HL Deb 27 October 1981 vol 424 cc917-31

4.1 p.m.

Debate continued on amendment to the Motion that the Commons amendments be now considered.

Lord Morris

My Lords, those noble Lords who listened with care to the remarks of the noble Lords, Lord Bruce of Donington and Lord Lloyd of Kilgerran, I humbly suggest must come to the conclusion that there is very great merit in the substance of their case. However, in my view, that substance is solely one of procedure in your Lordships' House or, rather, of the interrelated procedures of the two Houses of Parlia- ment. I believe that in arguing as they did they placed themselves on two prongs of Morton's fork—for they raised this question, which I would ask my noble friend to answer if possible. The question is: Does he believe that the tabling of this amendment has in any way helped your Lordships' House in the consideration of the Commons amendments by delaying further such consideration? It is for this reason I believe that the tabling of this amendment in this form at this particular time smacks of a certain technical trickery that has not helped their cause, which is of course a change in the interrelated procedures of the two Houses of Parliament. I believe that there are other ways and means in which that cause could be furthered if they feel as passionately as they apparently do.

Lord Harris of Greenwich

My Lords, I am not sure that the noble Lord, Lord Bruce of Donington, will necessarily welcome the fact that I am springing to his defence. Nevertheless, it is only right to say that I do not think that in this matter the noble Lord is guilty of trickery, even of technical trickery. It seems to me he has done no more than put down a Motion which is rather reminiscent, in the form of words used, of the very weighty complaints made by the noble Lord, Lord Carrington, when speaking as Leader of the Opposition when he delivered, in my view, a wholly well-merited rebuke to the then Labour Government for producing shoals of amendments at the last stage of the parliamentary year, and not giving this House the opportunity of debating them. I am bound to say that I sat then on the Government Front Bench and thought that the views expressed by the noble Lord, Lord Carrington, were wholly justifiable.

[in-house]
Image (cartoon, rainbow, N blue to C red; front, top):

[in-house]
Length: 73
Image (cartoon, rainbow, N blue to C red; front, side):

I say that because, that being so, I would have assumed the present Government would have gone to considerable lengths to avoid doing exactly what they complained the Labour Government had been doing. Unhappily, they are doing precisely the same thing, which is to give us no adequate time to discuss major amendments to the laws of England—to produce 240 amendments, accepting at once that some are of a technical character and no doubt will be agreed very largely on the nod, and giving this House only four days to consider them. Certainly my noble friends and I will vote with the noble Lord, Lord Bruce of Donington, as an indication of our view that this is an unreasonable way to treat this House.

All I would say to the noble Lord, Lord Bruce, is that I listened with fascination, as I think we all did, to his views on the attitude of the Labour Party to the House of Lords. If I may say so to him, I think that their view is a little more robust than would appear from the way he expressed their view. As I understand it, the one thing on which the Labour Party agree is the immediate abolition of the House of Lords, and I think it is an indication of the new unity of the Labour Party that everyone apparently agrees with the proposition. Speaking for myself and, I think, for the overwhelming majority of other people in this country, who take the view that it is highly necessary in order to safeguard the basic liberties of the people of this country that there should be a second chamber, in view of that, I think it is even more essential to ensure that the second chamber, in whatever form it exists, is treated with a great deal more respect than has been the position today.

4.6 p.m.

Lord Wedderburn of Charlton